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RE: Chicxulub's Antipode (Re: cause of death at KT)

I can't put my hand on the reference at the moment, but I saw a very
interesting paper in the early 90's proposing that the antipodes to the K-T
impact was near the west coast of India at the time, and the convergence of
shock waves ruptured the crust and instigated the flood basalts (Deccan

Ah, I see there was some discussion of this on the list in '95, e.g.

As pointed out in that post, the time and place seem to be far enough out
that it isn't likely.
Dr John D. Scanlon
Riversleigh Fossil Centre, Outback at Isa
19 Marian Street / PO Box 1094
Mount Isa  QLD  4825
Ph:   07 4749 1555
Fax: 07 4743 6296
Email: riversleigh@outbackatisa.com.au

> -----Original Message-----
> From: Phillip Bigelow [mailto:bigelowp@juno.com]
> Sent: Saturday, September 02, 2006 5:33 AM
> To: dinosaur@usc.edu
> Subject: Chicxulub's Antipode (Re: cause of death at KT)
> On Fri, 01 Sep 2006 22:09:18 +0200 David Marjanovic
> <david.marjanovic@gmx.at> writes:
> > > The antipodes would probably be worse. There is a strong
> > concentration
> > > of re-entering debris there, and it will all be moving at orbital
> > speeds,
> > > so
> > > anything living there is likely to be fried.
> > What would have been at the antipodes?
> AFAIK, the best guess is open sea.
> Modern coordinates of Chicxulub:  21.33 degrees N; 89.5 degrees W
> Modern anitpode of Chicxulub:   21.33 degrees S; 90.5 degrees E (which is
> presently occupied by a lot of sea water)  But was a land mass there 65
> mya?  I made a quick perusal of the DML archives, and it appears that the
> our current knowlege of latest Maastrichtian plate movements and relative
> plate positions place no major land mass at the antipode.
> Regarding what type of effects one might have witnessed at the antipode:
> - Tsunamic effects would have been minor, because North and South America
> would have blocked the waveform from the paleo Pacific and Tethys Oceans.
>  Europe and Africa would have blocked the waveform from entering from the
> opposite direction.
> - What about reentering ejecta?  It was probably no worse than elsewhere
> on the globe.  Keep in mind that just because some material went
> suborbital or fully orbital doesn't *require* that the material must fall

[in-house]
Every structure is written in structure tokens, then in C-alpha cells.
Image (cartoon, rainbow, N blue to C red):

> at the antipode.  It could fall just about anywhere on Earth, which is
> dictated by the ejecta's altitude (ejecta in low Earth orbit will reenter
> sooner; higher orbits may take hundreds of years to degrade to reentry).
> - Seismicity:  Now *those* effects would have been interesting (that is,
> if the antipode was part of a land mass.....which it apparently wasn't).
> In addition to the P-Wave arrival, which would have been brutal (imagine
> the earth beneath your feet throwing you up in the air about a third of a
> meter), there would have been some righteously bitchin' S-Waves which
> would be coming toward you from every azimuth.
> So if you were standing on land, you would first have been thrown up in
> the air by the P-wave, and then shortly thereafter, you would have been
> thrown in every lateral direction radomly, probably quite violently, by
> the S-waves.  [What DO converging S-waves do to bedrock?  I'll bet that
> is an understudied topic in geophysics and structural geology!]
> Has anyone thought of the following:
> Let's assume for the sake of argument that the Chicxulub antipode was
> occupied by sea floor rather than by dry land. Is this part of the sea
> floor still preserved?  If it is, and if the site can be located, would
> it would be worthwhile to drill into into it and see what types of
> faulting patterns characterize a mega-converging seismic event at an
> antipode?
> I'm thinking of the structural geology seen at the antipode of the
> Caloris [impact] Basin on Mercury and the structural geology seen at the
> antipode of the Stickney Crater on Phobos.  Not to mention the antipodal
> structures on Mimas.
> <pb>
> --